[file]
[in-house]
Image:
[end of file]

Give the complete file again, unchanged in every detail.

[in-house]
Image: